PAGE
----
NCPA - National Center for Policy Analysis

Quality of Non-Domestic Generic Drugs

March 3, 2014

The U.S. Food and Drug Administration (FDA) issued reports over the last year that foreign drug producers were falsifying data pertaining to the quality of their medicines. Warning letters were issued to companies in Mexico, Poland, the United Arab Emirates, India and Canada dealing with drug quality. A reported 54 percent and 70 percent of Americans distrust Indian and Chinese drugs, respectively, says Roger Bate, a visiting scholar at the American Enterprise Institute.

To sell generics in the United States, manufacturers must show the FDA that their drugs work just as well as the original. But after that approval, some producers are reportedly failing to continue meeting that standard. Sometimes it can be difficult to spot these problems. When an inferior product -- that was also an allergen -- was substituted for heparin by a Chinese producer, it passed all tests at the American manufacturer. It took 149 American deaths before a more complex test was developed to detect the counterfeit ingredient.

Generic drug producers in India are especially known for cutting costs by using less expensive ingredients and failing to use good manufacturing practices. Incidentally, India exports more finished products to the United States than does any other emerging market.

  • One manufacturer, Ranbaxy, was accused of cutting corners in its production of HIV medication in 2005. In the course of the investigation, the United States identified two questionable plants and 30 questionable medications. Bate notes that his own investigation of the issue found that midlevel managers often broke quality-control protocol under pressure to cut costs.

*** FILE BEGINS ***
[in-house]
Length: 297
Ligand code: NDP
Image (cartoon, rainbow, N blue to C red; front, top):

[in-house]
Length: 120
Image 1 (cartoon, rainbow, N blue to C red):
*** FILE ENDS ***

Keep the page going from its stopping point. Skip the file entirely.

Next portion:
• Ranbaxy was issued the sole license for the manufacture of a generic version of Lipitor in 2011. The company had to recall its drug because of possible glass particles in the medicine last November.
  • India's own government issued a report that accused the Central Drugs Standard Control Organization (India's version of the FDA) as rife with corruption, saying that so-called "independent" expert health opinions on drug product safety "were actually written by the invisible hands of drug manufacturers."

Many on the left, Bate says, support Indian drugs, yet they are the same people who would be horrified if American or European companies had as little oversight as do the Indian companies. How can the United States ensure that drug producers in countries with poor domestic oversight produce good-quality drugs consistently? Bate argues for the implementation of sanctions against companies that produce poor-quality products, as well as for U.S. importers of those products.

Source: Roger Bate, "Cheap Indian Generic Drugs: Not Such Good Value After All?" American Enterprise Institute, February 19, 2013.


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